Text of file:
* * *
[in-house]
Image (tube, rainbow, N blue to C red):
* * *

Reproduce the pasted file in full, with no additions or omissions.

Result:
[in-house]
Image (tube, rainbow, N blue to C red):